U.S. nursing homes had a history of poor infection control measures before the pandemic hit, the Government Accountability Office warned on May 20. Two of every five nursing homes had an infection control violation during inspections each year since 2013, the GAO said.
That included Ambrosio Guillen. On March 12, six days after Forti’s birthday, a surveyor from the Texas Health and Human Services Commission made an unannounced visit to the nursing home in response to a complaint.
The surveyor found that a certified nurse aide didn’t wash her hands after touching a dirty linen barrel. She made up beds in two rooms after touching the dirty linen barrel, the surveyor said in a report obtained by El Paso Matters from HHSC under the Texas Public Information Act.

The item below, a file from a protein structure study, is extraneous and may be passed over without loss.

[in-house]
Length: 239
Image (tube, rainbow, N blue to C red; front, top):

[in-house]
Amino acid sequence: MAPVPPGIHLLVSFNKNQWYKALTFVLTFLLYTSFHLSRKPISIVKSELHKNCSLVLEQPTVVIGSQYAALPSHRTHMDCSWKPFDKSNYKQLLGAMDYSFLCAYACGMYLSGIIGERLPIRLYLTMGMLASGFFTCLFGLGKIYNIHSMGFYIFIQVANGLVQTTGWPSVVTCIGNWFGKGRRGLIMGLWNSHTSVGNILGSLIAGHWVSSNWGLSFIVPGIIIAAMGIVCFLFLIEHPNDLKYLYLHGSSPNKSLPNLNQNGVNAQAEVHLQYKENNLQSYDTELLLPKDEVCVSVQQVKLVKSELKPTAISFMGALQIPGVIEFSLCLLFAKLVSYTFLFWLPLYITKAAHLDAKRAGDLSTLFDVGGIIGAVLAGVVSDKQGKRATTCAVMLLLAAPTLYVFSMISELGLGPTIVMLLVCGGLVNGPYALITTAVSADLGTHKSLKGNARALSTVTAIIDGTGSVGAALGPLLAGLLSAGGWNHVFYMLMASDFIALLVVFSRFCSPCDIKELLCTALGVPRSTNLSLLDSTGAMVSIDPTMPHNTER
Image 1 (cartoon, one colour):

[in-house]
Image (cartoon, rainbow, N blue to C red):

Follow-up visits in April and May found no violations, so no fines were levied against Ambrosio Guillen. HHSC is the state regulator of nursing homes.
In a November 2019 inspection report, the Centers for Medicare and Medicaid Services — the federal regulator of nursing homes — issued eight citations to Ambrosio Guillen.
One of the violations cited in the report was for failure to conduct an annual review of its infection prevention and control program, as required.
The federal regulators give Ambrosio Guillen a one-star rating on its five-star scale, meaning that it performs much below average on key health and safety measures.
Withholding documents on COVID-19 preparation
El Paso Matters asked the Veterans Land Board to provide documents on how Ambrosio Guillen prepared for COVID-19. In response to the request made under the Texas Public Information Act, the VLB provided two emails — one from the state comptroller on March 25 on sales tax collections during the pandemic, and one from a pharmaceutical company on March 3 saying it didn’t expect supply chain disruptions during the pandemic.